PowerShell for SharePoint Online: Under the hood

June 14th, 2012 | Posted by Jeffrey Paarhuis in Configuring | Developing

In an earlier post I’ve explained that it’s possible to use PowerShell for SharePoint Online. In this post I want to explain what the difficulties of SharePoint Online are and how we did manage to overcome that.

So, what’s the problem?

When you use the Client Object Model directly from PowerShell, it might seem to work, up to the point that you’re executing a query. Then you will receive a 403 – forbidden error.

Off course, when you don’t provide any credentials you will not get access. You could try to provide a username, password and domain programmatically, but you won’t find any way to authenticate. This is because the authentication method of SharePoint Online differs from the ones that Client Object Model supports.

What’s the solution?

The only thing we have to do is get an authenticated ClientContext and we’re ready to script. Fortunately, Microsoft has done all the hard work, because they have published a sample project for authentication with SharePoint Online.

We are going to pimp this project with our own code and make it possible to retrieve and use an authenticated ClientContext in PowerShell.

Go ahead, download sample project and open the ClaimsAuth solution file in Visual Studio. You will see that it also loads a project called Sp_Ctx; you can remove or just ignore it, we won’t use it.

Now, in the ClaimsAuth project add a new class called “SPOContext” and use the following code:

using System.Net;
using Microsoft.SharePoint.Client;
using MSDN.Samples.ClaimsAuth;

public class SPOContext : ClientContext
{

  public SPOContext(string siteUrl) : base(siteUrl)
  {
    // this method gives a popup asking for credentials
    CookieCollection cookies = ClaimClientContext.GetAuthenticatedCookies(siteUrl, 0, 0);

    this.ExecutingWebRequest += delegate(object sender, WebRequestEventArgs e)
    {
      e.WebRequestExecutor.WebRequest.CookieContainer = new CookieContainer();
      foreach (Cookie cookie in cookies)
      {
        e.WebRequestExecutor.WebRequest.CookieContainer.Add(cookie);
      }
    };
  }

  // need a plain Load method here, the base method is some
  // kind of dynamic method which isn't supported in PowerShell.
  public void Load(ClientObject objectToLoad)
  {
    base.Load(objectToLoad);
  }
}

As you can see, we made an object that inherits from the ClientContext. The magic happens in the constructor; a pop-up will be shown where the user can login with his credentials. It then receives a few cookies which are stored and sent with each request. The cookies are the fairy dust in all of this, the cookies make it possible to authenticate with each request.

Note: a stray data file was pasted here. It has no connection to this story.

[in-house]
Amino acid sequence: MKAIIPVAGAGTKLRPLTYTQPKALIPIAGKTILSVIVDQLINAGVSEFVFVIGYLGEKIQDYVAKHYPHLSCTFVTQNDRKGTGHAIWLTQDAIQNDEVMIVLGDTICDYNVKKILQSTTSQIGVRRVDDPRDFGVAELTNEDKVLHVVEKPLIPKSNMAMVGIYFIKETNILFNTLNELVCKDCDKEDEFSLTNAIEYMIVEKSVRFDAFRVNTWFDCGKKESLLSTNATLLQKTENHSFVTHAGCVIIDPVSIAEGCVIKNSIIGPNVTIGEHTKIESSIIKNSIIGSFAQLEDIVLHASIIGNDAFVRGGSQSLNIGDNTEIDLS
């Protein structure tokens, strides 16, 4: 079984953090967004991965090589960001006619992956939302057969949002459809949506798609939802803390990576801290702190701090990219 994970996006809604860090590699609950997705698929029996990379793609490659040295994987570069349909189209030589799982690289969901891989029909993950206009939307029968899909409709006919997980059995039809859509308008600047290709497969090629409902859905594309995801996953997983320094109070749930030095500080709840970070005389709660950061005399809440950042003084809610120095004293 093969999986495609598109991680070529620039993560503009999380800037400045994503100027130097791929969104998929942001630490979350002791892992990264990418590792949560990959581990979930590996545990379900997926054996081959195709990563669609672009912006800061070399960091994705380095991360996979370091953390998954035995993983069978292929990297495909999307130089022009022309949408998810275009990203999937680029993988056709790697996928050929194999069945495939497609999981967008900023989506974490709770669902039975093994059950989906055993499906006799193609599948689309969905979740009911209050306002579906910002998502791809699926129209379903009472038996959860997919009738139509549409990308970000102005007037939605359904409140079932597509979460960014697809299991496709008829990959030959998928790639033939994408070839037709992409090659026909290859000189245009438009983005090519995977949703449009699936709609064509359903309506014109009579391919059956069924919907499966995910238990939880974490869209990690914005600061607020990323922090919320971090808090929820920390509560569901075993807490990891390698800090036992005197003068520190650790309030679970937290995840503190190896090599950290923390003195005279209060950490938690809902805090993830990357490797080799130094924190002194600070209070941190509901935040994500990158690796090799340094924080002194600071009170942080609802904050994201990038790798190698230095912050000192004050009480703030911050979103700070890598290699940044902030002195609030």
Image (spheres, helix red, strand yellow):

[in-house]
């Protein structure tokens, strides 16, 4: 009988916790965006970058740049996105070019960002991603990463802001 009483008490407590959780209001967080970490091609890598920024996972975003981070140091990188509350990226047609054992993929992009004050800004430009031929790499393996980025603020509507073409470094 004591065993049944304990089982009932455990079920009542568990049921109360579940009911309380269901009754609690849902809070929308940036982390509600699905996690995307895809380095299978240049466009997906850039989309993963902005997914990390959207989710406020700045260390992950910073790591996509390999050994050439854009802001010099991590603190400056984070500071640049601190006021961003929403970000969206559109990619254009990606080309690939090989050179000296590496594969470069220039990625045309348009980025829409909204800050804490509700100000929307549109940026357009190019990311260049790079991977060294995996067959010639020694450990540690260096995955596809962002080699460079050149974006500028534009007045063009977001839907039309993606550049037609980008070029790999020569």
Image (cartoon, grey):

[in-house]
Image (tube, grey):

You also see a Load method. Why do we need this? The base class already has a Load method! Yes, but that method is some kind of dynamic method which isn’t supported in PowerShell. This custom Load method now acts as a wrapper for the real Load method.

This is it! Build the project and test the ClaimsAuth.dll according to my previous post.

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7 Responses

  • Pingback: Scripting SharePoint Online with PowerShell using Client Object Model | Jeffrey Paarhuis SharePoint Blog

  • Carry Megens says:

    Hi Jeffry, great you figured this out ans shared the info. Can you give an example how to retrieve the user info using powershell?

  • Joseph says:

    Hi Jefferey! This is very impressive code for me after realizing I was hitting a wall with cmdlet’s not working in Sharepoint online. I found many Powershell Scripts that can take a bulk import of URL to create several sites, but it does not work in Sharepoint online. Is there a simplistic way just to perform a bulk import to create a bulk site output within SharePoint online?

    I ran the code and was able to display the name of the SharePoint online sub-site correctly! 🙂

    I have standard Site Template that I need to replicate over hundreds of sites. Any advice is welcome please. Thank you!

    Cheers!

    • Hey Joseph, with this code you could accomplish some automation in the deployment process. I don’t know what you exactly mean, but if you’re talking about exporting and importing entire SiteCollections in Office365, then it will be possible. It will however take a lot of scripting and testing. You’re better of putting some effort in a piece of software that does the exporting and importing for you. I’ve had a good experience with Thinkscape Site Builder.

      Please let me know what you’re trying to accomplish and I will see if I can be of any help.

      Regards!

      • Joe says:

        Thanks Jefferey for the prompt response. Yes, this is to perform the import of URL’s and their naming conventions as sub-sites in SharePoint Online. Many of cmdlets for SharePoint server do not work for SPO. I am attempting to perform the bulk import to create hundreds of sub-sites. I have not had much success in finding a snippet of code that performs this feat. I will check Thinkscape now. Let me know if you have any other ideas. Thank you!

        • Joe says:

          The utility from Thinkscape is provides me with a simple utility to move files into the SP Online site. But one at a time. I was hoping to be able to create around ~800 sites. With ThinkScape I would need to the same operation 800 times repetative. If there were any way to take a CSV file with the name of the subsites and permissions like in:

          http://spcreatesitesfromcsv.codeplex.com/

          and run this in SPO is all that I am hoping for. But some of the commands, they don’t work within the Powershell scripting environment and/or don’t work in SPO at all.



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